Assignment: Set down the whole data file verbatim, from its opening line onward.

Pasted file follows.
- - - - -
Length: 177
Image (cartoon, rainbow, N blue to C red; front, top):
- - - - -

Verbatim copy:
Length: 177
Image (cartoon, rainbow, N blue to C red; front, top):